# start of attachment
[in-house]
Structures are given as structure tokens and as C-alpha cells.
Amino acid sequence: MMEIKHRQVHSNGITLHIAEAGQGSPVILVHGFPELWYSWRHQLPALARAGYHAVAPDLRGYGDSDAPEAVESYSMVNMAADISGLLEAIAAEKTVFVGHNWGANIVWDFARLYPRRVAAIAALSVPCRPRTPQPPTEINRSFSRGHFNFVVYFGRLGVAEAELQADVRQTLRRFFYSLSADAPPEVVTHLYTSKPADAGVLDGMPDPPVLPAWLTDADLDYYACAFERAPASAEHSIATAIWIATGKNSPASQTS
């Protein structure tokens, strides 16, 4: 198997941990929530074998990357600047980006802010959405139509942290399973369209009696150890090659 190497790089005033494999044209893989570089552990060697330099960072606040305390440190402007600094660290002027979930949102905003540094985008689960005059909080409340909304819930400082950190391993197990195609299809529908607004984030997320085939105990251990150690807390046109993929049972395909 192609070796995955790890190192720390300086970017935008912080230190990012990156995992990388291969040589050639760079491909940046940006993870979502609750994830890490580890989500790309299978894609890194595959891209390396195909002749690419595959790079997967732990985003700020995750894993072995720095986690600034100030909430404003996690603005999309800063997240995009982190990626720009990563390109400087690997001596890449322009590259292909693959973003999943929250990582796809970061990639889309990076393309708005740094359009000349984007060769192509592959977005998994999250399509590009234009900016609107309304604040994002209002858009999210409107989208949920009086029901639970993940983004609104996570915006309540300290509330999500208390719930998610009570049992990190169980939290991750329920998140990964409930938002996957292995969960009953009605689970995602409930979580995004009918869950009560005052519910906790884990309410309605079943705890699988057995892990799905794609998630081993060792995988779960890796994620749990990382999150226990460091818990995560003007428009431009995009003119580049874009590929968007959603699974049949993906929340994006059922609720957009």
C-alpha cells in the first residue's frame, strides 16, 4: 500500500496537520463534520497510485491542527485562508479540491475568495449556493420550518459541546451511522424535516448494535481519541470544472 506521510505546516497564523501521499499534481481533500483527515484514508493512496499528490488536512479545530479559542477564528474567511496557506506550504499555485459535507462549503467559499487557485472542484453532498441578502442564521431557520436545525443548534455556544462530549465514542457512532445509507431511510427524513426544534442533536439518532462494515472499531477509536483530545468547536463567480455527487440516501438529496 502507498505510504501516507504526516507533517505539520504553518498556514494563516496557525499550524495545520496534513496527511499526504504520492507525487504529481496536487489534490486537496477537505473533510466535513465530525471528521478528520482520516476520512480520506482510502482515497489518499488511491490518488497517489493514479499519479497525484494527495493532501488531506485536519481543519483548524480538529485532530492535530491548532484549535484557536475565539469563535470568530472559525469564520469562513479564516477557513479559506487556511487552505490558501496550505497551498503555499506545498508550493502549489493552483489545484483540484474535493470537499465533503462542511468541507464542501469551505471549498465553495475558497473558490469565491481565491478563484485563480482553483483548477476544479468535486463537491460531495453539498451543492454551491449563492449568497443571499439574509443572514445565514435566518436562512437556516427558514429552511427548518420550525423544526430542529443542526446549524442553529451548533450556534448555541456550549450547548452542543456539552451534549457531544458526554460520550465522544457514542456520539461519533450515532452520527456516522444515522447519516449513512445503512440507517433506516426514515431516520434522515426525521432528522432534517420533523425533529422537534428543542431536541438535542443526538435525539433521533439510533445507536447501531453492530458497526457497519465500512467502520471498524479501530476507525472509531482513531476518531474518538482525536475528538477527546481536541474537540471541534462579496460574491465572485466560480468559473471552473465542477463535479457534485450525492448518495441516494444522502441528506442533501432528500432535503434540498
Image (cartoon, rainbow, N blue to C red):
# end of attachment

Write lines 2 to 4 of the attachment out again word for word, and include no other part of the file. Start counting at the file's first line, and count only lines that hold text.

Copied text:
Structures are given as structure tokens and as C-alpha cells.
Amino acid sequence: MMEIKHRQVHSNGITLHIAEAGQGSPVILVHGFPELWYSWRHQLPALARAGYHAVAPDLRGYGDSDAPEAVESYSMVNMAADISGLLEAIAAEKTVFVGHNWGANIVWDFARLYPRRVAAIAALSVPCRPRTPQPPTEINRSFSRGHFNFVVYFGRLGVAEAELQADVRQTLRRFFYSLSADAPPEVVTHLYTSKPADAGVLDGMPDPPVLPAWLTDADLDYYACAFERAPASAEHSIATAIWIATGKNSPASQTS
């Protein structure tokens, strides 16, 4: 198997941990929530074998990357600047980006802010959405139509942290399973369209009696150890090659 190497790089005033494999044209893989570089552990060697330099960072606040305390440190402007600094660290002027979930949102905003540094985008689960005059909080409340909304819930400082950190391993197990195609299809529908607004984030997320085939105990251990150690807390046109993929049972395909 192609070796995955790890190192720390300086970017935008912080230190990012990156995992990388291969040589050639760079491909940046940006993870979502609750994830890490580890989500790309299978894609890194595959891209390396195909002749690419595959790079997967732990985003700020995750894993072995720095986690600034100030909430404003996690603005999309800063997240995009982190990626720009990563390109400087690997001596890449322009590259292909693959973003999943929250990582796809970061990639889309990076393309708005740094359009000349984007060769192509592959977005998994999250399509590009234009900016609107309304604040994002209002858009999210409107989208949920009086029901639970993940983004609104996570915006309540300290509330999500208390719930998610009570049992990190169980939290991750329920998140990964409930938002996957292995969960009953009605689970995602409930979580995004009918869950009560005052519910906790884990309410309605079943705890699988057995892990799905794609998630081993060792995988779960890796994620749990990382999150226990460091818990995560003007428009431009995009003119580049874009590929968007959603699974049949993906929340994006059922609720957009």